Kondele market sits beside Kondele roundabout in Kisumu. It is considered informal by the government who are trying to evict the traders.
Richard Odhiameo is a Coca Cola distributor in Kondele. Richard has been told that Kondele will be evicted. He fears his structure will be broken in the relocation process.
Charles Odugu sells charcoal in Kondele market where he has a strong network of regular customers. Charles worries about the future as there are fears of relocation.
Dorothy was forcibly relocated from Oile market. After its destruction she found herself at Jubilee market. Dorothy is now supporting thirteen children, many foster children from other family members who have died.
Clothing traders at Jubilee market.
Teresa began trading at Jubilee market in 1982. Business isn’t as good as it used to be due to the traders who were forcibly evicted from nearby Oile market being accommodated in Jubilee where there is inadequate space.
Kondele market from above.
The market master of Kondele is responsible for managing the market, allocationg spaces and collecting revenue.
Mildred is a widow living in Kisumu with one child. Mildred was able to establish a successful business. After her son’s death, Mildred returned to Kisumu where her friend helped her secure a space in the market.
Mildred has successfully rebuilt her trading networks at Kondele, and is now the secretary of her savings and loans group. Her aspirations are to own a shop and to build a home for her and her daughter.
Rose moved to Kondele having been evicted from Oile market. Business is not good compared to Oile, but “at least here we can get our daily bread”.
Dried tilapia from Lake Victoria - a common delicacy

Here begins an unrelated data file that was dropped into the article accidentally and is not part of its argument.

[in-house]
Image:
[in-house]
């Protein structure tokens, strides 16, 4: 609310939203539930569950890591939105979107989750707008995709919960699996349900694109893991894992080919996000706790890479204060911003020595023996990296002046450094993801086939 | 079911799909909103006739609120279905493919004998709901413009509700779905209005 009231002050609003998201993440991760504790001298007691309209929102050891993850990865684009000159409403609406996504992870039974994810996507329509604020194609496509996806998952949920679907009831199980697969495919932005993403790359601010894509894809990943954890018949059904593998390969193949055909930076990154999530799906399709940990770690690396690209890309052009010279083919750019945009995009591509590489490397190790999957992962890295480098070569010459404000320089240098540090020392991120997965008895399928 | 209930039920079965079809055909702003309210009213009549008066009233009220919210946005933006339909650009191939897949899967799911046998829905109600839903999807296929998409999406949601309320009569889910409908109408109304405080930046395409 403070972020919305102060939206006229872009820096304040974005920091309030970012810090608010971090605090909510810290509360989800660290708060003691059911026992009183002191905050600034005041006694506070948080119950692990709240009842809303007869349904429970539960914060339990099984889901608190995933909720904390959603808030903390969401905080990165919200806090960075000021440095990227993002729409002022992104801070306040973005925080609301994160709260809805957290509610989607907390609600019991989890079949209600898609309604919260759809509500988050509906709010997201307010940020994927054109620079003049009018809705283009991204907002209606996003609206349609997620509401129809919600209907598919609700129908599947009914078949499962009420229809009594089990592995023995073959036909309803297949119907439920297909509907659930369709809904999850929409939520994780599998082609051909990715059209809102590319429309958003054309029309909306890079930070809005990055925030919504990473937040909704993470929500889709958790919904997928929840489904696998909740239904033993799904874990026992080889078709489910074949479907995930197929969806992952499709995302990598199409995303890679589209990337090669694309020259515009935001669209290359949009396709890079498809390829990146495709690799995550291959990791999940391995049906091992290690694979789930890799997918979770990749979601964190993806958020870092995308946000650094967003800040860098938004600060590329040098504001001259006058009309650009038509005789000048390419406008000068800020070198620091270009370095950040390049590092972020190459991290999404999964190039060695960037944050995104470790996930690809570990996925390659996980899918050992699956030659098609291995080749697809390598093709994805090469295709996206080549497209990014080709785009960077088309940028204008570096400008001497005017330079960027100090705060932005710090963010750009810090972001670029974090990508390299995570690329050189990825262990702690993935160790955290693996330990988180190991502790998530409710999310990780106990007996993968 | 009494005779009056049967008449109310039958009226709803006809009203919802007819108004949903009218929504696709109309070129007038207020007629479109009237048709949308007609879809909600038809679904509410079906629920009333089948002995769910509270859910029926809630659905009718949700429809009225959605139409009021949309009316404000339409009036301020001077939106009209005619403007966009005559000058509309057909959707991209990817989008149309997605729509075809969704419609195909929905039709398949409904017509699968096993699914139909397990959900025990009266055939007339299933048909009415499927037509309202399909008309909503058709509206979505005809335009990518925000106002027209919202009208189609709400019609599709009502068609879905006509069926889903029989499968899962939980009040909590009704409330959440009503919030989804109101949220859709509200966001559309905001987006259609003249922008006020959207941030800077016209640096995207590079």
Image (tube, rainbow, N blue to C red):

Anna (right) is a farmer who comes to sell her produce at Kondele where she has been selling vegetables for 10 years. If she could trade anywhere she would trade at Jubilee where she could sell her products for double.
Wilkista fears what will happen if she is evicted from Kondele. “I am old, if we are moved I will just have to do business on my doorstep, but there won’t be as many customers”.
Kondele from above
Master Yosfat was evicted from Oile market, and is worried as Kondele is likely to be moved too. Since he was evicted he has faced many challenges and has lost many customers. “What we need is stability”.
Florence Auma Othuon is a widow living with her three children. She became a trader when her mother got sick and had to help her in the market. Her aspirations are for her children to get good jobs, such as being a doctor.
As the third largest city of Kenya, Kisumu is recognised as a key metropolitan area for its contribution to the national economy. Markets have always been important for Kisumu due to its proximity to Lake Victoria giving it a strategic location in the East African region.
Kisumu is undergoing rapid development, with the formation of urban plans envisaging its transformation into a more efficient, productive and market-led global city through its modernisation, beautification and infrastructure improvement. Even though markets are central to the city, informality continues to be an issue in planning processes. Despite their value to the city economy, informal areas are seen as hindering the modernisation of Kisumu.
These images document traders in two markets that are being affected by planning processes. The ‘formal’ Jubilee Market has been targeted for infrastucture upgrading, while traders at the ‘informal’ market at Kondele will likely be displaced.